Autumn (39m 0s):
They had like this Huntress who was so, you know, I had been alive for a a thousand years and he had fought all these battles that she died by like missing the bad guy with one sword stroke. I was like, come on, literally my nephew could write a better climate. So make this one is important. Everything that came before, it should make sense. And it, the climax has to over top them all. It has to be this level of tension that, you know, readers are gasping and they can put it down before going to bed. And if you haven't gotten that, go back and rewrite it because this is an important step. This is what, you know, everyone's been waiting for us. And if you serve mushy cake, instead of this amazing, you know, baked Alaska, if people are going to know
Jesper (39m 45s):
Sure. And then we came into this to come in to the final step. Yeah.
Autumn (39m 49s):
Okay. And this is what I think would do a lot of authors do miss and mess up or just kind of skip. And that's the wrap-up and it sounds so simple, but it's an important one is important. If you're going to have a continuing series, you want to introduce the next thread, maybe even the next inciting incident at the very, very, very end, but you need to take the energy of the climax, give your readers a quick breath, give them an idea of, you know, how people are faring the love interest, wrap it up the subplots. This is the emotional ending. Often of the Story. This is the last tastes, you know, a sip of wine. This is the last tape that's going to linger in their minds, on their lips when they shut the page.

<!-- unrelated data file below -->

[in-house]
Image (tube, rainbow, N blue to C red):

Autumn (40m 31s):
And it's either going to be making them, you know, look and stylistically foreword and put it away forever. Or is it going to get them ramped up to want to go grab the next book, whatever that emotional ending is. This is you finished that in the, wrap-up be it one chapter two to three. This is again it's, it's like a mirror image. You can almost fold the seven steps and a half and a, they mirror image of each other pretty well. That perfectly we are pretty well, but the ramp-up is like the intro. Its just a quick little story, right?
Jesper (41m 1s):
Yeah. And it's pretty cool. When you can do a bit of a cold back to the intro, a Lilly and it ties everything two together in a neat little boat there. That that's really nice, but I was actually going to maybe step into a bit of a hornet's nest here.
Autumn (41m 16s):
Ooh, that's a very brave of you and you know how my week is going. So just be warned.
Jesper (41m 23s):
Yeah, no, it was more because I know how what's a lot of people hate at the last season of game of Thrones. Right. But I just wanted to mention that actually one of the things that I found done very well, despite all the hating that goes to the, the very, very last Episode in the eye. I can't remember anymore. Its quite a while since our words, but maybe its like the last 15 minutes or 10 minutes, something like that. But that's actually where you have the wrap-up. Yes. And you get to see every single of the, one of the important characters and what's the what's going to happen to them and, and how do their life sort of continue from there?